Description 1. Field of the Invention The present invention relates to a system and method for self-training a neural network classifier with automated outlier detection. More particularly, the present invention relates to a chemical sensor pattern recognition system and method for detecting and identifying the presence of chemical agents using a self-training neural network classifier employing a probabilistic neural network with a built in outlier rejection algorithm and a mechanism to reduce the size of the probabilistic neural network. 2. Description of the Related Art In the industrial and the military environments a need has existed for a mechanism to identify a wide variety of chemical substances on a real-time basis. These substances often include compounds which are extremely dangerous. In the industrial environment these substances may include known carcinogens and other toxins. In the military environment these substances would include blistering agents such as mustard gas and neurotoxins such as nerve gas. Therefore, it is critical for the safety of personal to quickly and accurately detect and alert employees and troops when such substances are present. Just as critical a function is the avoidance of issuing false alarms by any chemical detection apparatus. FIG. 1 is a diagram showing a configuration of a chemical detection apparatus known in the prior art which includes a sensor Referring to FIG. 1, traditional chemical detection methods have relied on the inherent selectivity of the sensor However, field measurements offer additional challenges not seen in laboratory or controlled environments. The detection of target analytes may be required in the presence of large concentrations of interfering species. The ideal chemical sensor The underlying foundations for applying pattern recognition methods to chemical sensor arrays FIG. 2 is a diagram showing a pattern space comprising a sensor array with three sensors ( In supervised pattern recognition methods, training patterns (i.e., chemical signatures) from known analytes and potential interfering species representative of the environment the sensors being deployed are used to develop classification rules by the pattern recognition unit Supervised pattern recognition algorithms used in pattern recognition unit The typical ANN for chemical sensor array pattern recognition uses the back-propagation (BP) method for learning the classification rules. The conventional ANN comprises of an input layer, one or two hidden layers, and an output layer of neurons. A neuron is simply a processing unit that outputs a linear or nonlinear transformation of its inputs (i.e., a weighted sum). For chemical sensor arrays, the neurons, as a group, serve to map the input pattern vectors to the desired outputs (data class). Using BP, the weights and biases associated with the neurons are modified to minimize the mapping error (i.e., the training set classification error). Upon repeated presentation of the training patterns to the ANN, the weights and biases of the neurons become stable and the ANN is said to be trained. The weights and biases for the neurons are then downloaded to the chemical sensor system for use in predicting the data classification of new sensor signals. Despite their popularity, the BP-ANN methodology has at least five major disadvantages for application to chemical sensor arrays. First, no known method exists for determining the optimal number of hidden layers and hidden layer neurons (i.e., the neural topology). This results in having to train many ANNs before finding one that is best for the application at hand. Second, the iterative BP training algorithm is extremely slow, sometimes requiring several thousand presentations of the training patterns before convergence occurs. Other ANN training methods, such as Levenberg-Marquardt and QuickProp method, claim to achieve faster convergence, but their use is not widespread. Also, any learning algorithm based on incremental modifications to the weights and biases of the neurons runs the risk of falling prey to false minima and thereby requiring multiple training runs which further slow the process. Third, the theoretical operation of how the ANN is able to map the inputs to the outputs is not clearly understood. There is no simple method of interrogating an ANN to discover why it classifies patterns correctly, or more importantly, why it fails to classify some patterns correctly. Fourth, the outputs from a conventional ANN do not feature a statistical measure of certainty. For critical applications using chemical sensor arrays, the pattern recognition algorithm needs to produce some measure of confidence that it has correctly identified a particular classification. It is possible to obtain a confidence measurement by defining a probability density function comprising all possible outcomes of the ANN, but this method requires a large number of training patterns to be statistically valid and this further slows the training process. Fifth, existing ANNs are unable to reject ambiguous or unfamiliar patterns (e.g., a compound that the ANN has not been trained to recognize), and thus misclassify them as being a member of the data class with which they are familiar. This often limits the applications of ANNs to controlled environments where all possible data classes are known in advance. Methods have been developed to overcome this problem by employing an ad hoc threshold to decide whether to accept or reject a new pattern. Another approach used to overcome this problem employs a dual ANN system where the first ANN decides whether to accept or reject the pattern and the second performs the actual classification. However, these solutions have not proven practical for application to chemical sensor arrays. One variety of ANN which has been studied for application to chemical sensor array pattern recognition is the probabilistic neural network (PNN). For application to sensor arrays, PNNs overcome many of the disadvantages found with their more conventional counterparts discussed above. The PNN operates by defining a probability density function (PDF) for each data class based on the training data set and the optimized kernel width (σ) parameter. Each PDF is estimated by placing a Gaussian shaped kernel at the location of each pattern in the training set. A multivariate estimate of the underlying PDF for each class can be expressed as the sum of the individual Gaussian kernels. The PDF defines the boundaries (i.e., the classification rules) for each data class. The optimized kernel width (σ) parameter determines the amount of interpolation that occurs between data classes that lie near each other in the data space. For classifying new patterns, the PDF is used to estimate the probability that the new pattern belongs to each data class. FIG. 3 is a diagram showing the topology of a probabilistic neural network (PNN) in which the inputs are the responses from the three-sensor array of FIG. 2, and the PNN outputs are the predicted classification for the given pattern in the prior art. Referring to FIG. 3, PNN training is accomplished by simply copying each pattern in a training set (input layer) A summation layer Compared to conventional ANNs, the PNN offers extremely fast training times and provides mathematically sound confidence levels for each classification decision. However, the application of PNNs for chemical sensor array pattern recognition has been hindered by at least four major problems. First, to predict the classification of new patterns, the distance between the new pattern and each pattern in the training set must be computed. For stand-alone sensor systems, the entire training set of patterns (i.e., the hidden layer) must be stored on board the microprocessor embedded in the sensor system. Since each and every training pattern must be stored, for many applications, this would require more memory than is available. Second, as discussed above, the distance between the new pattern and each pattern in the training set (i.e., hidden layer) must be computed. For large training sets and sensor arrays, the number of calculations becomes prohibitive requiring more processing time than a real time application could permit. For certain applications, an embedded microprocessor could not process the sensor signals fast enough to operate in real-time without a significant reduction in the size of the hidden layer. Third, a method is known in the art for detecting ambiguous patterns by setting a rejection threshold. If the outputs from the summation neuron for all classes are less than the rejection threshold, the new pattern is considered an outlier and no classification is performed. However, no generally accepted criteria for determining the best rejection threshold has ever been established. Setting an appropriate rejection threshold using the method described by Bartal et al. in “Nuclear Power Plant Transient Diagnostic Using Artificial Networks that Allow ‘Don't-Know’ Classifications” would require extensive experimentation or knowledge of the pattern space for each application. Fourth, although PNN training is much faster than BP-ANN, the cross-validation and univariate optimization procedure (i.e., σ optimization) can be prone to local minima. Thus, several training runs must be performed to determine σ at the global-minimum training classification error. Therefore, a need exists in the prior art for a pattern recognition system and method which is highly accurate, executes fast enough for real-time applications, is simple to train, has low memory requirements, is robust to outliers and thereby reduces the potential for false alarms, and provides a statistical confidence level for sensor patterns recognized. An object of the present invention is to provide a device and method for self-training a neural network classifier with automated outlier detection for use in chemical sensor array systems. The present invention has as a further object of providing a complete off-line software system for developing automated classification algorithms for field-portable chemical sensor array systems. To accomplish this objective the present invention includes a self-training algorithm for probabilistic neural networks (PNN) that dramatically reduces the memory and computational requirements, and a device and method for decreasing the probability that false alarms will occur through an automated outlier rejection scheme. Objects and advantages of the present invention are achieved by a neural network pattern classifier using a probabilistic neural network. This device uses a dead neuron elimination unit to identify which neurons in a hidden layer of the probabilistic neural network are the nearest to a series of pattern vectors based on Euclidean distance and eliminates those neurons which have not been identified as nearest to any pattern vectors in the pattern vectors from the probabilistic neural network. Further objects of the present invention are achieved by a neural network pattern classifier using a probabilistic neural network in which a σ optimization unit determines an optimal global σ value for all neurons in the probabilistic neural network. The optimal global σ value is computed from the summation of the dot product distance between each neuron and its nearest neighbor. Then a threshold determination unit calculates an outlier rejection threshold value based on the optimal global σ value. Still further objects of the present invention are achieved by a neural network pattern classifier using a Monte Carlo simulation unit to generate a set of random pattern vectors, and a threshold determination unit to adjust an outlier threshold rejection value which rejects a predetermined percentage of the set of random patterns, wherein the outlier threshold rejection value is initially based on a global σ value. Further objects and advantages of the present invention are achieved in accordance with embodiments by a PNN training computer system used to identify chemical analytes. This device uses a series of partially selective sensors to generate a set of sensory data when exposed to the chemical analytes. A pattern extraction unit connected to the partially selective sensors is used to extract a set of pattern vectors from the set of sensory data which form a set of initial hidden layer neurons of an initial probabilistic neural network. Then an LVQ classifier unit, connected to the pattern extraction unit, is used to reduce the number of neurons in the set of hidden layer neurons using learning vector quantization. Once the LVQ classifier completes processing, a dead neuron elimination unit connected to the LVQ classifier unit identifies neurons in the set of hidden layer neurons which have the shortest Euclidean distance to the pattern vectors and eliminates neurons in the set of hidden layer neurons which have not been identified as having the shortest Euclidean distance to any pattern vectors of the set of pattern vectors. A σ optimization unit connected to the dead neuron elimination unit then determines an optimal global σ value for all neurons in the probabilistic neural network. The optimal global σ value is computed from the summation of the dot product distances between each neuron and its nearest neighbor. A threshold determination unit connected to the σ optimization unit calculates an outlier rejection threshold value based on the optimal global σ value. Then a Monte Carlo simulation unit connected to the threshold determination unit generates a set of random pattern vectors using a Monte Carlo simulation. The threshold determination unit adjusts the outlier threshold value so that a predetermined percentage of the random pattern vectors are rejected as outliers. Using the embodiments of the present invention described above and further detailed below, a self-training a neural network classifier may be quickly trained to identify chemical analytes detected by a chemical sensor array and to identify and reject analytes not seen during the training session as outliers. These and other objects and advantages of the invention will become apparent and more readily appreciated for the following description of the preferred embodiments, taken in conjunction with the accompanying drawings of which: FIG. 1 is a diagram showing a configuration of chemical detection apparatus known in the prior art; FIG. 2 is a diagram showing a pattern space comprising a three-sensor array ( FIG. 3 is a diagram showing a probabilistic neural network (PNN) in which the inputs are the responses from the three-sensor array of FIG. 2, and the PNN outputs are the predicted classification for the given pattern in the prior art; FIG. 4 is a diagram showing the overall hardware configuration of the present invention; FIG. 5 is a diagram showing the configuration of the PNN training computer shown in FIG. 4 of the present invention; and FIG. 6 is a diagram showing the process used in the present invention to generate the probabilistic neural network (PNN), global σ optimization and threshold value determination. Reference will now be made in detail to the preferred embodiments of the present invention, examples of which are illustrated in the accompanying drawings, wherein like reference numerals refer to like elements throughout. The present invention contains a complete set of algorithms designed to overcome the aforementioned problems encountered with the conventional ANN and PNN approaches to chemical sensor array pattern recognition. In the preferred embodiment, the present invention comprises a suite of MATLAB™ module files from Mathworks, Inc. and a Visual Basic™ subroutine. However, any suitable computer language may be used to implement the present invention. In the preferred embodiment, the user simply supplies the training patterns with known class identifications. The present invention uses a self-training (i.e., no user intervention necessary) PNN algorithm to automatically produce an optimally sized hidden layer and optimal global σ value. The optimal global σ value is the width associated with the Gaussian kernels which make up the PDF for each class of the summation layer FIG. 4 is a diagram showing the overall hardware configuration of the present invention. The present invention includes: a partially selective sensor array Referring to FIG. 4, a training session for the present invention starts by exposing the partially selective sensor array Not only is the selection of the type of partially selective sensors The analog signals from the partially selective sensor array FIG. 5 is a diagram showing the configuration of the PNN training computer FIG. 6 is a diagram showing the process used in the present invention to generate the probabilistic neural network (PNN), global σ optimization and threshold value determination using the hardware configuration shown in FIG. Referring to FIG. 5, once the raw sensor data is in the memory of the PNN training computer system In the PNN training computer system Referring to FIG. 5, an LVQ classifier unit Using the LVQ classifier unit An important parameter for correct implementation of the LVQ classifier unit Once the LVQ classifier unit Referring to FIG. 5, after the LVQ classifier unit The identification and elimination of dead neurons by the dead neuron elimination unit Referring to FIG. In equation 2, m is the number of sensors in the array, n is the number of neurons in the hidden layer of the PNN, and ε This determination of the optimal global σ differs from that in the prior art by determining a single global σ for all neurons in the hidden layer and summation layer rather than determining σ on an individual neuron or class basis. Referring to FIG.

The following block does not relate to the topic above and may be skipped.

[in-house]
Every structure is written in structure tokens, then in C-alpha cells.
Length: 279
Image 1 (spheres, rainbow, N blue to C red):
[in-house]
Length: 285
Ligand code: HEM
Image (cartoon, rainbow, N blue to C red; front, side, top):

where r is the rejection threshold and σ However, in the case where more sensitivity of the present invention to chemical analytes is important and there is less concern for possible false alarms, a rejection rate of random patterns as low as 50% may be used. The optimized PNN hidden layer, σ, and r are downloaded to a PNN plug-in module By utilizing the present invention described above, the problems encountered in the prior art can be overcome. As elaborated below, the user of the present invention will realize high accuracy in chemical analyte identification, fast execution speeds, a simple method of system training, low memory requirements, robust outlier rejection, and produce a measure of uncertainty. For application of the chemical sensor system to field measurements, the present invention provides a pattern recognition device and method with a low false alarm rate and few missed detections. In military applications such as the detection of toxic chemical vapors, classification accuracies of greater than 90% are realized by the present invention. The present invention accomplishes this through the use of a PNN in combination with a LVQ classifier unit, dead neuron elimination unit, σ optimization unit, and threshold determination unit. The present invention is suitable for real-time analysis of chemical analytes by reducing the size of the PNN required and using a single global σ value as well as threshold value. Thus, the algorithms used in the present invention are less computationally intense than those seen in the prior art and execute faster. The classification rules used by the present invention are learned quickly by the use of a PNN. Using the present invention, the database of training patterns can be updated as needed in a quick and simple manner. By reducing the number of neurons in the hidden layer using the LVQ classifier unit and the dead neuron elimination unit, the present invention creates a PNN which is a mere fraction the size seen in the prior art. Thereby, the PNN generated by the present invention is suitable for a field-portable sensor systems having a microcomputer with limited memory resources. As previously discussed, the environment in which chemical sensor arrays are used in the field is uncontrolled (e.g., battlefield). Therefore, a pattern recognition system must be able to differentiate between sensor signals on which It was trained and those on which it was not. The present invention accomplishes this by use of the σ optimization unit and threshold determination unit which determine the threshold value at which outliers should be rejected. The present invention is able to determine a statistical measure of uncertainty so that a confidence level of the classification can be determined. For sensor applications such as toxic vapor monitoring, such a measure aids in reducing the occurrence of false alarms by requiring that the sensor system be greater than 80% or 90% certain of a classification decision before a warning is given or an alarm sounded. Although a few preferred embodiments of the present invention have been shown and described, it will be appreciated by those skilled in the art that changes may be made in these embodiments without departing from the principles and spirit of the invention, the scope of which is defined in the claims and their equivalents. In particular, reference has been made to the use of MATLAB™ module files from Mathworks, Inc. and a Visual Basic™ subroutine. However, it is also appreciated by a person of ordinary skill in the art that the present invention may be implemented in any computer language suitable to the task. Patent Citations